new challenger

I make games. I also play them. I talk about both activities here.

Wednesday, September 27, 2006

Comfort Zone

I’ve started watching quite a bit of television lately. Last week saw the return of several of my favorite shows, as well the debut of some new shows that may eventually become some of my favorites. I must admit that I’m blown away by the quality of it all; surely after what had been an extremely dark period in network television’s history (spurred on it’s been said, by the departure of long-running sitcoms like Seinfeld, Friends, Everybody Loves Raymond, etc., with a lack of quality programming in the queue to replace them), this is the best new season of television in years. It seems to me that The Sopranos, Lost, and shows of that ilk have really influenced the new season, with one mystery-themed situational drama after another. I don’t mind per se, because I’m a big fan of these shows, and it’s likely that I have a propensity to like shows that contain the same elements as these shows. But at the same time I have to imagine that there are tons of other concepts and show formulas that I’d enjoy just as much, if not much more.

The same thing has happened with games, and this “next generation” has really driven the point home for me. Just like this season of television, I’ve been privy to some really good games so far on the 360, and both the PS3 and the Wii show the same great promise. The overwhelming majority of the games on these systems, however, are either sequels or games easily quantified into existing genres. From a business perspective, this is reasonable, of course. Successful games become successful franchises, subsequently garnering imitation from competitors ad infinitum. Genres form, and all of a sudden games become slaves to their own convention; guided by arbitrary rules that no one can even remember the justifications for.

And make no mistake that I blame the consumer as much as I blame the publisher. I’ve seen a recent flood of spirited sentiment expressed over the very nature of what defines a videogame, and a downright reluctance to mess with the “formula” in any way. From removed heads-up displays in Fight Night Round 3 to the apparent lack of any goals at all (so far) in Sony’s Afrika, there are attempts from developers all over the world to reexamine what it is we all do, and these attempts are criticized and attacked by a vocal minority.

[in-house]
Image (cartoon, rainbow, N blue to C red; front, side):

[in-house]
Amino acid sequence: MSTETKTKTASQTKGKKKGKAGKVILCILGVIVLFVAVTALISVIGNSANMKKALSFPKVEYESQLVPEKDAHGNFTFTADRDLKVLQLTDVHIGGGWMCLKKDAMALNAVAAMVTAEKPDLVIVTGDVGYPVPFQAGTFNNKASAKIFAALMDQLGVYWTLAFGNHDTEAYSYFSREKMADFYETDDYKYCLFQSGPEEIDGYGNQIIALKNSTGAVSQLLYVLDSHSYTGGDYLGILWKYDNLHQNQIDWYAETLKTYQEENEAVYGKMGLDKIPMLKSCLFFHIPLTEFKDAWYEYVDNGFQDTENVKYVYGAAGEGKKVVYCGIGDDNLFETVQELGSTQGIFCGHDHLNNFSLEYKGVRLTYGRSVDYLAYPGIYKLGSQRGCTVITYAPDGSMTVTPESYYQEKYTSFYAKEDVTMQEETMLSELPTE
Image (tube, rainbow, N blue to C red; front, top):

It could be argued, I guess, that we’re simply refining an inevitable formula (it has been argued that we are definitely refining a formula, minus the inevitable part), and it’s not my goal to dispute the value of the successful genres that have been developed. Like I mentioned, I’m having a blast playing games from these genres, and there are millions of other people that feel the same way. Just thinking about Lost Planet makes me warm and fuzzy (if this game lets me down I don’t think I’ll ever recover). But I have to imagine that the millions and I will ultimately get tired and want something more. Even Ken Kutaragi criticized publishers for their reliance on rehashing at this year’s Tokyo Game Show (of course, this is at the same keynote where he announced PS3 emulation for Mega Drive and PC Engine games).

You may be wondering, at this point, what solutions I have to address this dilemma.

You might be surprised, then, to find that the answer is none. I know this is the point where I’m supposed to bring it all together, where I explain how dumb and pointless it is to pursue this path. But it’s tough to argue the reality of it all: a known quantity that delivers reliable return is better (financially – this is a business after all) than any unproven alternative. So even though it seems like inevitably this behavior will lead to a huge videogame slump like in Hollywood, it also seems like the only reasonable course of action to take.

However.

Eventually we’ll have to change. I don’t imagine any sort of catastrophic cataclysm where you never see another third-person shooter or Final Fantasy XIX, but I do think when enough guys like me do stop buying traditional titles and start spending their money on other forms of entertainment, you will see opportunists who begin to make games that do stretch the boundaries. That’s right, I don’t think it’ll be from some benevolent creative visionary getting all esoteric because he loves games; I think it’ll come from smart business people who see an untapped market. And I think it’s already happening, somewhat, at developers around the world right now. I was expression my current frustrations to a friend of mine the other day. I said I wanted to work on a game with no winning and no failure – with no end and no goals at all; no implemented objective or purpose whatsoever. I said I wanted to work on a game that simply reinforced the core element of what a videogame really is: input and response.

He replied that I already had; he was referring to the game I had just finished working on, which he had played recently.

Remarkably, he’s kind of right.

Thanks for reading.